Herbal medicines have been widely used all over the world since ancient times and have been recognized by physicians and patients for their better therapeutic value as they have fewer adverse effects as compared with modern medicines. Phytotherapeutics need a scientific approach to deliver the components in a sustained manner to increase patient compliance and avoid repeated administration. This can be achieved by designing novel drug delivery systems (NDDS) for herbal constituents. NDDSs not only reduce the repeated administration to overcome non-compliance, but also help to increase the therapeutic value by reducing toxicity and increasing the bioavailability. One such novel approach is nanotechnology. Nano-sized drug delivery systems of herbal drugs have a potential future for enhancing the activity and overcoming problems associated with plant medicines . Hence, integration of the nanocarriers as a NDDS in the traditional medicine system is essential to conflict more chronic diseases like asthma, diabetes, cancer, and others.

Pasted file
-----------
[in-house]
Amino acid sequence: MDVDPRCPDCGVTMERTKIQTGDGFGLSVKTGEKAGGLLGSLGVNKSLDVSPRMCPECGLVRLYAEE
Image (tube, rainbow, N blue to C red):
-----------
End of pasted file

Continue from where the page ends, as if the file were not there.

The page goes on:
8,105 1,669 51
In vitro-in vivo evaluation of fast-dissolving tablets containing solid dispersion of pioglitazone hydrochloride
Vinay Pandit, Roopa S Pai, Kusum Devi, Sarasija Suresh
July-September 2012, 3(3):160-170
DOI:10.4103/2231-4040.101008  PMID:23057002